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Medway councillor shares concerns about Kent's CCGs merging

A Medway councillor has criticised the move to merge Kent's clinical commissioning groups - the bodies which plan and pay for healthcare.

The merge is meant to save time, money and effort for GPs and allow health and care organisations to work together more.

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However, Teresa Murray, Deputy Leader of Medway Labour Group and spokesman for health, has said her "biggest worry is that the patient voice is diminishing and diminishing."

Ms Murray thinks integrated care is a "very desirable and good thing". However, as Medway uses 25% of the total CCG budget in Kent, she worries that it will become "a lot harder to bargain to make sure that we get our fair share of the money."

Ms Murry also highlighted her concern that some services will be passed over to the private sector.

"While they might run the services well, they are profit making. This sets a dangerous precedent and I don't want it to happen to our services in Medway.

"Our community services, for example, are run by a people led organisation and I'd like it to stay that way. But if we're commissioning for the whole of Kent and Medway at the same time, my worry is that the things that we do well in Medway might get lost in the fight."

Medway uses 25% of the total CCG budget in Kent
Medway uses 25% of the total CCG budget in Kent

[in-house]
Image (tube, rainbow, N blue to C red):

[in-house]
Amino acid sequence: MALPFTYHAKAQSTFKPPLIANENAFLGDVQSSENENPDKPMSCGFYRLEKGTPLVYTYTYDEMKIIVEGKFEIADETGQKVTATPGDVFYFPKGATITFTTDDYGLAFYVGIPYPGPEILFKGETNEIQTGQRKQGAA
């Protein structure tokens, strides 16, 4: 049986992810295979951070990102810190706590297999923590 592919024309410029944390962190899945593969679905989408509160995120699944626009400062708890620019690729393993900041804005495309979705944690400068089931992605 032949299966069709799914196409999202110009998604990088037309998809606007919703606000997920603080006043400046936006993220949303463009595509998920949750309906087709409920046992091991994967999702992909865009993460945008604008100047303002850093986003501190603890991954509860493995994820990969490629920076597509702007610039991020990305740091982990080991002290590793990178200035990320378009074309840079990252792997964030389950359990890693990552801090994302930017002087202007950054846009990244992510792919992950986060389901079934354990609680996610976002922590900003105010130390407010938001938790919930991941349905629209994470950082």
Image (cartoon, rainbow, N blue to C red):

Ms Murray wants to see measures put in place to ensure CCGs cannot lobbied by drug companies.

When commenting on whether Medway has different needs compared to the rest of Kent, Ms Murray said: "Unfortunately, in our modern deprived parts of Medway, people are suffering from heart conditions and diabetes at an earlier stage than other people in Kent.

"Health inequality and our needs are very different from the people in Tunbridge Wells, who also deserve a good service."

Ms Murray also points out that CCGs were intended to be locally controlled, but this has changed.

She added: "My biggest worry is that the patient voice is diminishing and diminishing. I hope that people listening will join patient and public listening committees in their practices. Anybody can set up and once you have set up, once you have that committee, you can be a formal consultee.

"I want people to have the services they deserve. This is our NHS and everybody should be able to play a part in it and get what they need. I understand that you may need to merge to be stronger and maybe make the staff stronger; but if this means that patients loose services then it's not a good thing to do.

"The big CCG has got to find a way of making sure that local needs are served and identified properly. The only way to do that is through public lobbying to try to put some pressure on them to show that everyone who uses the NHS wants a fair crack of the whip."

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